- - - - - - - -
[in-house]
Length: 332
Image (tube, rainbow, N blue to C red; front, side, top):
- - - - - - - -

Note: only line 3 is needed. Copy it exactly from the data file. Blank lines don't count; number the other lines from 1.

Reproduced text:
Image (tube, rainbow, N blue to C red; front, side, top):